Taylor Wimpey frees leaseholders from ground rent terms

Taylor Wimpey has agreed to remove terms from leasehold contracts that cause ground rents to double in price every 10 years.

The effect of these increases has been that people have often struggled to sell or obtain a mortgage on their home. Their property rights can also be at risk if they fall behind on their rent.

Taylor Wimpey will also remove terms which had originally been ground rent doubling clauses but were converted so that the ground rent increased in line with the Retail Prices Index (RPI).

The company has taken the decision voluntarily following discussions with the Competition and Markets Authority (CMA).

The move comes after the CMA launched enforcement action against four housing developers in September 2020. These were Countryside and Taylor Wimpey, for using possibly unfair contract terms, and Barratt Developments and Persimmon Homes over the possible mis-selling of leasehold homes.

As part of this action, the CMA has already helped thousands of leaseholders by securing commitments from Countryside and Persimmon, as well as from an investor in freeholds, Aviva.

Due to the CMA’s action, affected Taylor Wimpey leaseholders will now see their ground rents remain at the original amount – i.e. when the property was first sold – and they will not increase over time. Taylor Wimpey has also confirmed to the CMA that it has stopped selling leasehold properties with doubling ground rent clauses.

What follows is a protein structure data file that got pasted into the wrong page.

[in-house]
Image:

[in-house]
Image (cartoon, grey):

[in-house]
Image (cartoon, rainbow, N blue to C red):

Where Taylor Wimpey has sold the freehold, and cannot remove clauses itself, then it will help get them removed at no cost to leaseholders. This will involve liaising with the current freeholder and making a financial contribution to the freeholder when the freeholder gives formal commitments to the CMA to remove the clauses.

Andrea Coscelli, Chief Executive of the CMA, said: “This is a huge step forward for leaseholders with Taylor Wimpey, who will no longer be subject to doubling ground rents. These are totally unwarranted obligations that lead to people being trapped in their homes, struggling to sell or obtain a mortgage.

“Other developers and freehold investors should now do the right thing for homeowners and remove these problematic clauses from their contracts. If they refuse, we stand ready to step in and take further action – through the courts if necessary.”

The CMA points out that these undertakings have been provided to the CMA voluntarily and without any admission of wrongdoing or liability. It should not be assumed that Taylor Wimpey has breached the law – only a court can decide whether a breach has occurred.

Please contact us if you would like advice about the legal aspects of buying or selling a home.